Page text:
Science in the media: How do you separate fact from fiction?

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How can you separate fact from fiction when it comes to what you read and hear? A primary goal of my nutrition courses over the years was to equip students with skills and insights to shift through the abundance of diet and nutrition advice and claims in news headlines, social media, product advertisements and labels, and online websites.  This was accomplished by evaluating media stories in class and through projects with scientific evidence and peer reviewed studies.  Always consider the source and if there is credible evidence to back up claims - not just testimonies and opinions from practitioners and individuals. Nutrition is a science not an opinion. One credible source of peer-reviewed, evidence based information is the International Food and Information Council. Here's an excellent article from their information hub, Food Insight, with tips on navigating nutrition info in the media and marketplace. Check out other topics and research while you are there!  #nutrition #FoodInsight #Research 

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About the Author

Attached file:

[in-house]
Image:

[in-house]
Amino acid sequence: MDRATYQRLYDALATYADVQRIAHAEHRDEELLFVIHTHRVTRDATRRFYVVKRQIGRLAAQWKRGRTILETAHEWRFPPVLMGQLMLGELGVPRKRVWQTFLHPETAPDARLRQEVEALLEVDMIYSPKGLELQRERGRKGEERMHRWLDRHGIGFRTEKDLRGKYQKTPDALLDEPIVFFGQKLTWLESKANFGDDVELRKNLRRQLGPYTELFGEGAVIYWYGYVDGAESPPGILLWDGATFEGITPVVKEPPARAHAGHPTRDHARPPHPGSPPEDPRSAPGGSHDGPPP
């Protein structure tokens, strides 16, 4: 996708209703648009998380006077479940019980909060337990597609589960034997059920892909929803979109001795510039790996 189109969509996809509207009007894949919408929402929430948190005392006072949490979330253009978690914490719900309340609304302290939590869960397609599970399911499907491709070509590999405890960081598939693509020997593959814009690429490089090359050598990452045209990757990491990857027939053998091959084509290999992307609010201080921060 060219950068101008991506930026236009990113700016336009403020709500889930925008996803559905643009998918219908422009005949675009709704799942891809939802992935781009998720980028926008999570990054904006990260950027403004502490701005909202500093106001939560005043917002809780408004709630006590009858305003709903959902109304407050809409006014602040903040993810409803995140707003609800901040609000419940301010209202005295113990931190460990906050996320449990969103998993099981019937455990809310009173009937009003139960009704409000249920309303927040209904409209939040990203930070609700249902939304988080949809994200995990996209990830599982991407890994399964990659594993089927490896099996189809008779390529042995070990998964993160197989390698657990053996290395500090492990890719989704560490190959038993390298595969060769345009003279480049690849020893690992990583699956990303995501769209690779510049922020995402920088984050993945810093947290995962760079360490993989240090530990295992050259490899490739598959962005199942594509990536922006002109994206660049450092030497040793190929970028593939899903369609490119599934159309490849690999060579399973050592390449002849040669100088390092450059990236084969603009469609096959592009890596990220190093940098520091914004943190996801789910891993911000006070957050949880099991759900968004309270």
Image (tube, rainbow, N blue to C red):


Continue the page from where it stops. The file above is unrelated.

Jamie Pope, a Registered Dietitian Nutritionist and Assistant Professor of Practice in Medicine, Health and Society at Vanderbilt University, has worked in the areas of obesity research, health promotion, heart disease prevention, and since 2000 teaching introductory nutrition. Beyond the classroom, she adapted portions of her nutrition courses to produce a Massive Open Online Course attracting more than 175,000 participants from around the world. This experience earned Jamie an Innovation in Teaching award from the Vanderbilt University School of Nursing. She is the co-author of the textbook entitled Nutrition for a Changing World. Now in its second edition, the text is in use in over 140 universities across the U.S. and the recipient of a 2020 Textbook Excellence Award. Most recently she developed and produced an audio course for (Nutrition 101: Understanding the Science and Practice of Eating Well) that is also featured on platforms like Apple Books and Audible. Jamie holds a Master’s of Science degree in Nutrition and post graduate work in Health Psychology. She is a Fellow of the Academy of Nutrition and Dietetics. She has authored or contributed to numerous scientific and popular press publications. Jamie also held several corporate positions, serving as nutrition consultant and media representative.